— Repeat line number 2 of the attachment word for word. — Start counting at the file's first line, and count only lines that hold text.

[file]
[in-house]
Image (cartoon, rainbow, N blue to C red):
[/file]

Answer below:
Image (cartoon, rainbow, N blue to C red):